Hydronic Heating

Hydronic Heating for Low-Load Houses
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Hydronic Heating for Low-Load Houses

With the right hardware and layout, hot-water heating saves energy and makes ideal... Read more

Hydronic Baseboard Basics
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Hydronic Baseboard Basics

Finned-tube baseboard is the most commonly installed hot-water heating system in... Read more

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Piping Layouts for Hydronic Heat

The design of hydronic heat distribution piping affects overall comfort levels, regardless of boiler efficiency. An engineer describes the pros and cons of four piping layouts for hot-water heat. Read more

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Hydronic Radiant Heat for Wood-Framed Floors

You don’t need to pour a concrete slab to get the benefits of radiant heat. An engineer describes new approaches that combine radiant heating with conventional floors. Read more

Hydronic Heating for Low-Load Houses
Posted on
Hydronic Heating for Low-Load Houses

With the right hardware and layout, hot-water heating saves energy and makes ideal... Read more

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Installing a Radiant Wall

Sometimes heavy floor coverings, furniture, or built-ins reduce the area available for radiant heating. This heating specialist shows how to turn walls and ceilings into heat emitters. Read more

Hydronic Baseboard Basics
Posted on
Hydronic Baseboard Basics

Finned-tube baseboard is the most commonly installed hot-water heating system in... Read more

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Hydronic Heating Instruction

Solving for Comfort With a 'Smart' Thermostat
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Solving for Comfort With a 'Smart' Thermostat

Tracking temperature, humidity, set point, and equipment runtime can uncover the... Read more

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Q&A: Closing a House for the Winter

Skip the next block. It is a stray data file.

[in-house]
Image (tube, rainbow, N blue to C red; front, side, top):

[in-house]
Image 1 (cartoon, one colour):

I have customers who wants me to build a log home that will be used seasonally, for about two months of the summer and another two months in the winter. During the rest of the year they want to leave the house closed up and unheated. We're at the edge of the Rocky Mountain Front Range in eastern British Columbia, and winter temperatures often fall to 20F. I've discouraged the clients from installing a hydronic heating system because of the difficulty of draining it twice a year (draining the domestic water will be headache enough), but what other potential problems should I be thinking about? I'm concerned that the radical swings in temperature could damage interior finishes Read more

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Insulating a Radiant Slab

How much insulation is necessary under a typical basement radiant slab? Read more

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New Slab Over Old?

Q. I am renovating a barn where the existing concrete floor slopes approximately 6 inches in 30 feet. The architect wants me to build a level floor using wood sleepers with foam insulation in between, then pour a minimum 11/2-inch-thick radiant slab betwe Read more

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Comparing Propane and Oil

Q. Which home heating fuel is usually cheaper, oil or propane? Read more

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